Usain Bolt dominated three Olympic Games, proved to be the world’s fastest man and became one of the most recognizable celebrities in the world. He continues to have international influence with his endorsements, charitable endeavors, and business interests.
However, no matter where his life and his pursuits take him, the Jamaican icon always will remember his performances at the Penn Relays and what the carnival has done to help young Jamaican athletes get noticed by U.S. colleges.
“The Penn Relays is always a great event,” Bolt said Monday in an e-mail response to questions submitted by The Inquirer to his agent. “What makes it so special is that there are so many Jamaican fans in the stadium. Jamaican athletes have been going there for years and we always get great support.”
Bolt, 32, first experienced that support when he made his carnival debut as a 14-year-old in 2001 running for William Knibb High School. He competed at Penn three more times, the last trip being his memorable appearance at the 2010 USA vs. the World competition where he anchored Jamaica Gold to the 4x100 title in a carnival record 37.90 seconds.
He always appreciated the fact that young Jamaican athletes were able to go to Penn “to get experience and to get spotted,” he said.
“It is always very exciting,” he said. “For many young Jamaicans it is their first time in the U.S. or first trip abroad. To travel with your school always makes it easier and prepares them for future life if they go to university or make it to the professional ranks.
“A lot of the U.S. college coaches are there looking for talent. Especially in the days before the Internet, it is a great place to be seen performing well.”
Bolt ran the second leg on William Knibb High’s 4x100 team that won the 2004 small schools title at Penn. He ran for Jamaica in the USA vs. the World competition that year and came back to Franklin Field and the elite competition in 2005.
When Bolt made his next, and most unforgettable, visit to West Philadelphia in 2010, he already had three gold medals from the 2008 Beijing Olympics in his trophy case. He owned the world records in the 100 meters (9.58 seconds) and 200 meters (19.19 seconds).
A crowd of 54,310, the largest anyone could remember at a Penn Relays, turned out and cheered his every move, beginning with his light infield jog about an hour before his race was to start.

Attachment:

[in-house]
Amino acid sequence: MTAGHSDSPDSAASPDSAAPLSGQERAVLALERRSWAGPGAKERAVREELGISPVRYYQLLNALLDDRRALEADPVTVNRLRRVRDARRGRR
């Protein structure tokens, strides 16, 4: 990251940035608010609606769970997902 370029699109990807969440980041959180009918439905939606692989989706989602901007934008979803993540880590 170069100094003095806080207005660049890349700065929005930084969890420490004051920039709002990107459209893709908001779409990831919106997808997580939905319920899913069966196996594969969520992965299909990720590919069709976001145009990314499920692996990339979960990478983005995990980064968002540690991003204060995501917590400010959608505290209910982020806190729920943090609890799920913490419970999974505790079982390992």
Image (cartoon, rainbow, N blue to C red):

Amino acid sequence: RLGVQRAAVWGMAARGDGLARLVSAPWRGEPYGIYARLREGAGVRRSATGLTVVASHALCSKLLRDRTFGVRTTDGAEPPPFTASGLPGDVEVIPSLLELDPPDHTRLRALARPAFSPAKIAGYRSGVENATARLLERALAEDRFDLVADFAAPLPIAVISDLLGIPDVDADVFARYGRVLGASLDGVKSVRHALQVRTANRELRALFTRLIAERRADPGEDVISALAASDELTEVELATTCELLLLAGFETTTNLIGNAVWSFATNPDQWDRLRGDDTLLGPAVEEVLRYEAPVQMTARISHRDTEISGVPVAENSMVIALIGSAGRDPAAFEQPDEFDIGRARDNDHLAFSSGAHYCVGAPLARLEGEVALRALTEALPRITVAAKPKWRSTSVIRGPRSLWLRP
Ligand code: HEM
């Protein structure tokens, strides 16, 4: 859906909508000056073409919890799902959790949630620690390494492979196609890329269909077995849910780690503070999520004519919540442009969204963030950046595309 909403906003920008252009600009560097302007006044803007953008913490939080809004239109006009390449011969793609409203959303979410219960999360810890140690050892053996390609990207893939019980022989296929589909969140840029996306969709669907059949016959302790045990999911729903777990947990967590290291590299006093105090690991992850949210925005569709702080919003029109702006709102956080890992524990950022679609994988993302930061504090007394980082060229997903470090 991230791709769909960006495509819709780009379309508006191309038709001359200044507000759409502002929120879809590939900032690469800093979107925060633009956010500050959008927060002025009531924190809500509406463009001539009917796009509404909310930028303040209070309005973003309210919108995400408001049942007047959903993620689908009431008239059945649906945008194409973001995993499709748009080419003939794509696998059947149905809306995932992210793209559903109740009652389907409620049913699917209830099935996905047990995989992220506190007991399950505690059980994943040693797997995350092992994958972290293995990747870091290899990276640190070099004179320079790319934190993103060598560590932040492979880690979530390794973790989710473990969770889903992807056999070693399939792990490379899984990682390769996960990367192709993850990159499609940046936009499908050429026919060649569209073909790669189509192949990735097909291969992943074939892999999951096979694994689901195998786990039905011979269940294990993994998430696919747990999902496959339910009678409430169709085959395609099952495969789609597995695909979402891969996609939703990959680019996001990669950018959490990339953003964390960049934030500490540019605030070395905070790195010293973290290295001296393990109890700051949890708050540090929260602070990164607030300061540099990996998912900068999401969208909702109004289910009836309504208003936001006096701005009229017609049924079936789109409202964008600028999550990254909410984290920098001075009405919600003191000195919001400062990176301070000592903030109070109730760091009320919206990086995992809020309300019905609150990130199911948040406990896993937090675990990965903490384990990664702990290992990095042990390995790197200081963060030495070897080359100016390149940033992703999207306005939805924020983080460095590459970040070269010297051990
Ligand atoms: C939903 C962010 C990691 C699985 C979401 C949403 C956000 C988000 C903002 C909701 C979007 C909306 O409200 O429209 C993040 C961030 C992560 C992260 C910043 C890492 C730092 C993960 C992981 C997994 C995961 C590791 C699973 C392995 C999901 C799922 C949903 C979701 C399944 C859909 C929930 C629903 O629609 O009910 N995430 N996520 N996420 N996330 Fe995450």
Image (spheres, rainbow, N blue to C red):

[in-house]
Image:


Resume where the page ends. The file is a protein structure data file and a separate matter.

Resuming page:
“There was a great atmosphere, similar to what we find at European track meets,” Bolt said. “I think there were more Jamaican flags in the stadium that U.S. flags. The Jamaican fans always make a lot of noise and create a great energy. Every stride I did in my warm-up got a cheer.
“It definitely felt like a home meet. The only thing comparable are meets in London where there are also a lot of Jamaican fans.”
It didn’t seem possible the crowd could get any louder but it did when the 6-foot-5 Bolt took the baton from teammate Marvin Anderson for the anchor leg. With his long, gliding stride, he reached the finish line first, with watches recording his split time at 8.8 seconds.
“The experience was wonderful,” he said after the race. “I love running here.”
Bolt would go on to repeat his Olympic 100-meter, 200-meter and 4x100 triple at London in 2012 and at Rio in 2016. Even though the International Olympic Committee stripped Jamaica of its 4x100 title in 2008 because of a teammate’s doping disqualification, he still finished his Olympic career with eight gold medals.
Bolt retired from track and field competition after the 2017 World Championships. He was IAAF man of the year six times and won Laureus world sportsman of the year honors four times.
He wasn’t inactive for very long. He began about a year of training with soccer clubs in Norway and Germany before getting a two-month trial with the Central Coast Mariners of the Australian A-League.
He did score two goals in a friendly in Australia but turned down a reported $150,000 deal last November with the Mariners and called it quits. Last January, he told ESPN, “The sports life is over.”
Bolt said Monday he stays “very busy with sponsor work, celebrity events, business activities” and his Usain Bolt Foundation, which seeks to “enhance the character of children through educational and cultural development,” according to his website.
And sometime in the not-too-distant future, he hopes to return to the Penn Relays.